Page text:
As with any spread that comes your way, there’s always room for alterations and additions. You might want to add cards that deal more explicitly with difficult traumas that get trapped up in the body, such as a card on the hips that deals with trapped emotions or on the knees for the effects of oppression in one’s life (including microaggressions and the many -isms any one of us deals with) or over the lungs for unexpressed grief. Other cards focused on strengths can be added, too, such positions on the arms for inherent gifts or the belly button for life purpose. Get creative, cast for what you need, and edit the rest.
Having spoken of the ways we can cast cards to connect back to our bodies, it’s time to talk about how we become the cards themselves. Embodying the energy of a card can help us try on a new possibility, invoke the gifts or powers of a certain card, and help us get out of own way when it comes to our healing.
Becoming a tarot card means we act out what we see in a tarot card including mannerisms, positions, clothing, and more. The first step of embodying a card is giving yourself permission to do so. Some of you will think that this is a great idea and can’t wait to try it out (hello, my drama students and improv kids) where others may think that this is ridiculous or too embarrassing to consider. The thing about embodying the cards is that it’s one very concrete way of pulling a two-dimensional image into a three-dimensional experience which tarot is supposed to be helping to inform.
Start by pulling out your favorite card in the deck – it helps to start with a friendly card that you like a lot. Mimic the position of any characters in the card (if there is more than one card choose the one you’re drawn to most to act out first). I love the Page of Swords and the way that they seem to be in the midst of a dance step, their sword held up gently, their face turned into the wind. It’s an easy position for me to replicate and when I’m in it, I feel a sense of expectation and excitement, which is what the card means to me on a personal level. So, mimic your card and feel what comes up for you. If you’re feeling extra ambitious you can mimic the clothing, colors, and scenery of the card, too. Imagine that you’re trying to ace an interview or land a freelance project but are lacking confidence so you set out to embody the Three of Pentacles – a card which shows us successfully presenting our work and skills to the world. Becoming the Three of Pentacles means that that you have to play at being confident, too, and hopefully, having tried it on and acted it out, you can bring that energy to any interview or online exchange that requires it.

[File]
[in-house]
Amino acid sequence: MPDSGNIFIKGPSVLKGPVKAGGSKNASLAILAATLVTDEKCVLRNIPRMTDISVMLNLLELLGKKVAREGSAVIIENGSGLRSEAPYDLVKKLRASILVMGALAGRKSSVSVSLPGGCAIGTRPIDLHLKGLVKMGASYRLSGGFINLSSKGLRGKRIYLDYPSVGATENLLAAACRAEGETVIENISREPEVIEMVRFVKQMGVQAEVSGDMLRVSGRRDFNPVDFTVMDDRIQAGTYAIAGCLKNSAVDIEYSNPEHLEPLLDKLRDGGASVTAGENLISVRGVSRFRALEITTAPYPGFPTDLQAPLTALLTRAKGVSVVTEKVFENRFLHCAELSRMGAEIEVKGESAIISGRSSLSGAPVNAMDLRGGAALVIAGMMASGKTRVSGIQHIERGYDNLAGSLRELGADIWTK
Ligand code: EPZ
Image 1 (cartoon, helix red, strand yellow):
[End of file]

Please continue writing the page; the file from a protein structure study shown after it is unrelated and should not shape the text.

What I’ve described is a form of glamoury and to help bring your glamoury with you to an interview or similar situation, you can even choose a piece jewelry of item of clothing to charge up with the energy of the card. In fact, I use Beth’s four elements necklaces for this all the time, but anything that you have can work. Celebrate your resourcefulness!
I also find it useful to embody multiple cards in a spread when I’m having trouble understanding how they relate to one another. I begin with one card, feeling and speaking (out loud or in my head) what it is they are trying to say. I respond by embodying another card and so on until I’m feeling the spread like a living conversation rather than a set of disparate riddles. I realize that I also like this technique of card embodiment because I am a bit of a kinesthetic learner. If you lean kinesthetic in your learning and have been struggling with what seems like endless memorization required to learn the tarot, you might find embodying the cards to be a wonderfully beneficial technique.
If you happen to have a group of other tarot enthusiasts around, it can be really fun to have an evening of embodying cards from acting out cards in a charades like game, to group interpretation of a spread by acting it out together, and even trance techniques where someone aspects a card and delivers oracles to individual querents. Card embodiment can be silly or serious and both approaches yield a great deal of information. We can get very serious about our healing and spiritual practices, forgetting that many of us are doing this work because we want to feel better and be happier – all of which requires a certain amount of playfulness.
Whether or not you ever act out tarot with a group of friends, next time you pick up your cards ask yourself what if it was just a game? How would you play it? How does your body change positions and feel when it’s less about serious self-development and more about playful self-joy? Both techniques are needed because it all gets us to the same place at the end but we tend to value the serious over the playful mirroring our cultures valuing of the abstract over the physical. Change it up, get grounded, and feel your way through a reading.
Let me know how you’re embodying your tarot practice in the comments below and please share any body-centered tarot practices you have – the playful, serious, and all in-between! Next month I’ll be sharing ways we can create altars dedicated to our well-being that incorporate the magick of tarot.
Decks Featured: Slow Holler Tarot, The Shining Tribe Tarot by Rachel Pollack
Alexis J. Cunningfolk (she/they) is an intersectional herbalist, witch, and weaver of remedies at Worts + Cunning Apothecary.